SPECTACLES

1.
[So it is told
to remind the living.]
They met each other
at the Basement
& being kindred souls
under treatment,
they hit it off –
singing in low voices
lest they get locked up
in a padded room.
His confinement
was underwritten
by a government official
with passion for art,
but when the satrap was eased out
of the regime
he had to be released
into family’s reluctant arms.
His loving mother & doting aunts
had long passed on;
he found himself confused,
terribly alone.
When he died on Holy Wednesday
he was hurriedly cremated,
his brother dumping the bills
& last manuscripts
on an old writer
who had scaled up the ladder.
The lit world
didn’t take note of his passing:
the celebrities were hung up
on workshops where they
superciliously rule
or publishing releases
about foreign grants
as if to insist
they were invited & therefore
more privileged
than Rico Espino
who couldn’t handle
the brutal insensitivity
of the world.
[So it is written
to mark the forgotten.]

2.
A.
Early morning
& he’s at a loss
what to feed the flock
for breakfast:
essays by mentors
who have gone deep
into the realm of texts,
but are studiously ignored
by gurus
in search of academic truths.
The technology of wisdom
cannot be claimed
through mystical prayers –
it must be labored on
like an expensive wristwatch
opened up with tools
reconfigured in the light
of new knowledge mode.
No longer the horse & cart
of ideas
that clipclop on cobblestones;
the planet is a jet plane
screaming toward destruction
& the young recruits
must be equipped
with parachutes to cushion the fall.
But who shall give a damn?
Shall they sing
as they follow Hamelin’s flute
toward the waters
to drown?

B.
The Madrasa boys
learn the Koran by rote,
& hold the imam in awe
who admonishes them
to “hate Americans”.
O how the ghost of centuries
rise from the ruins…
& the young virgins?
Patriarchs of the tribe
dress them up
with home-made bombs
on promise of heavenly
deliverance.
How to deny this dogma
of malicious lies?
When drones fly by
& drop missiles
to flush out insurgents
defending their blind faith
& fundamental way of life?
Can there be meeting of minds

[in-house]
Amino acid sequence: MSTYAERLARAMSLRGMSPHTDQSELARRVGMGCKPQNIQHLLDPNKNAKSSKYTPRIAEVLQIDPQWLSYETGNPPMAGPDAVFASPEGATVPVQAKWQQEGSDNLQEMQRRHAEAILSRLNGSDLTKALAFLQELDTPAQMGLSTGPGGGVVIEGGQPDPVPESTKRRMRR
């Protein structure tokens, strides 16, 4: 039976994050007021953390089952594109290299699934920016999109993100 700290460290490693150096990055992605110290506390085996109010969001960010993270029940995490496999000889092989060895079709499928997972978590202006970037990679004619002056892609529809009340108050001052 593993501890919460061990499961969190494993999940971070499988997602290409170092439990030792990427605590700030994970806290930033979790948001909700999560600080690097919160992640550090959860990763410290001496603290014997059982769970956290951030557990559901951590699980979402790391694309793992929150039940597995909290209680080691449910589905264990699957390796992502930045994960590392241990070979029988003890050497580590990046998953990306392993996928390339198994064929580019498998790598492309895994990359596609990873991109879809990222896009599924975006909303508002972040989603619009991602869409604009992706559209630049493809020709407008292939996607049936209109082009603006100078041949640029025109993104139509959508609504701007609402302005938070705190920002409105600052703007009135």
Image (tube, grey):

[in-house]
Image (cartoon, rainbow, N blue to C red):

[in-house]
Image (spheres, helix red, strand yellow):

if tongues morph into bullets
& council of “wise men”
mouth the unchanging lines,
in their eyes blooming
the apparition of swords & guns?
But this is the 21st century!
O time has passed them by.
Yet hi-tech marines
are in hot pursuit,
keeping secure the white race
from avenging tribesmen.

3.
This is Beller’s age of the visual
& in the radical realignment
of the sensorium,
language turns extinct,
philosophy floats like a leaf
on the pond,
& money is made off “eyeballs”
blinded by CEOs
who sell spectacles
as if they’re proletariat’s own.
The future runs like a bike
in a circular loop?
The old regime of knowing
can no longer hold.
Millions are statistical ghosts
that cannot shake
the First World foundation.
& we freeze
as if we have paid dearly
for “attention”.

4.
Is it all material exchange?
The air suddenly turns solid
as he looks at her beauty
retouched by factories
to make her dominate the stage.
In his very seeing
the cash box suddenly rings!
How can he slip out
of the scheme,
is there a way out of capitalism?
Is Marx finally shown up
by scums of the Third World
reduced to impotent witnessing?
The world dissolves
& the text drowns in the eyes.
Only the image stays hypnotic
on the screen,
& they think –
the detritus of time –
there’s something profound
as in phantasmagoric dreaming.

5.
But, of course,
Justin Beiber “carrying
a skateboard & wearing
a set of headphones
over a gray bonnet”
is a walking advertisement
of a Youtube sensation
that translates
the attention –
lifted singularly
from his generation –
into dollars.
It is pure merchandise
produced by a media factory
in step with corporations
who multiply him
in the psyche of the crowd,
like fish & loaf
in Christ’s time.
The eyeball, says Beller,
is the postmodernist
currency
that prefigured
Presley & his Coca-Cola crowd,
Sinatra in his champagne foxes & dudes,
& now Beiber
with his bubblegum music
that mints
the “nothing” of his songs
& calisthenics
into gold pieces.

6.
She’s delaying the decision
to apply for the grant,
saying she cannot countenance
half-baked proposals.
She’s stepping back,
as if surveying the scene.
What holds her
from plunging into
a new possible setting?
O testing the water
before she swims?
It’s her future, after all,
she’s seeing.
Is she terrified
by the temblors in the dark
of tectonic origin?
Her mother is antsy
for her firstborn
who deserves better
than those middling bureaucrats
who count undeservedly
their blessings.

7.
He’s not thinking
of winning the lotto anymore.
He was foolish
to insist
he’s got a fighting chance
like all those suckers
baying at the moon.
The universe, he is convinced
finally,
has ruled
& he is out of the universal loop.
Rousseau was terribly right?
Life is brutish,
everyone is fascist to the bone.
No matter the intention,
one ends up beaten, lost.
O this system
that allows no one to live
with honor.

8.
At the cafe,
he makes time
with cheap conversation
& tea,
as if squandering
what he can’t sell:
he’s a rotten apple, maybe,
but he can’t even
as cheap bargain consider.
So he spends the day
sizing up things
that won’t ever happen:
dreaming has lost
its positive cure.
He’s not a worthy cog
of the capitalist machine.
It spits him out:
the cafe only sees him
as a paying customer.
When it closes,
he’s kicked out
of the scene.

9.
But there are signs
the world is rocked
as in the beginning:
Middle East
is on fire
but when will it end?
Will the fascist regimes
recover their bearings?
Revolution is mere spectacle
of tears & mayhem
for anyone who has found
his insurrectionary calling.
For how long
will it hold, this cataclysm?
What image
shall supplant
another image?
The militia
pushed aside
by a civilian
with a gun?
Progress is a catch
in the throat.
The crystal ball
won’t clear up
with beatitudes.

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